Thanks to “Impolite” Students

This is a post I drafted in the last few years. It’s just three examples of students taking the time to set me straight, and of me taking the time to listen. I didn’t post it right away because I was concerned that it might be taken out of context and misunderstood as an indictment of me as a terrible teacher, or of my students as aggressive jerks. Neither is the case. My concern has not gone away, but what I wrote still rings true to me. In the spirit of stepping up like my students did, here’s the post.

Working for years in Minnesota, followed by years in super-supportive ESOL departments in Maryland, all with mature and gracious adult ESOL students, I am blessed with a whole lot of positive feedback in my professional life.

I don’t know if it’s that I’m originally from near New York City or if it’s just a personality quirk, but at some point, a lot of positive feedback rings a bit hollow to me. I know I’m not perfect, so receiving criticism matches my world-view way better than praise does.

Too much positive feedback can actually make me uneasy. What aren’t they saying, and why? Is everyone just being polite? What are they hoping I’ll figure out? 

But here’s one thing: speaking a reasonable and relevant truth is not necessarily impolite.

And here’s another thing: it’s okay to be impolite sometimes. We don’t intentionally step on people’s toes in our day to day lives because that would be rude and cause pain. But if we’re walking along and a motorcycle is suddenly hurtling toward us, we leap out of the way even if we land on someone’s toes. That’s an extreme case, but the point is that some things are more important than manners.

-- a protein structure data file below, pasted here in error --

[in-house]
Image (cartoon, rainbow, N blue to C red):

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I owe a lot to the few students who have stepped up and told me some of the “impolite” things that I suspect many other students were thinking. Their willingness to risk stepping on my toes has helped me see class from students’ point of view and adjust my teaching accordingly.

Circulating from Student to Student

Early in my assistant teaching days, in addition to gauging how pushy I should be in helping my students, I was also figuring out the balancing act of helping everybody in a limited amount of time.

One lesson, I wound up addressing quite a few of one student’s questions with her. It took a long time. When I finally moved on to the next person, she told me frankly that I shouldn’t have spent so much time with the first woman. She pointed out that many students were waiting for my help and that it wasn’t fair to give too much time to one individual. She said I should have addressed one or two of the first woman’s questions, then checked to see if anyone else needed me. Then if not, I could work more with the first woman. Talk about specific feedback! No arguments from me then or now.